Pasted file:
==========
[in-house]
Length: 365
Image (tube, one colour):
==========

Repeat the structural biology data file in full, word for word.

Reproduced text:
[in-house]
Length: 365
Image (tube, one colour):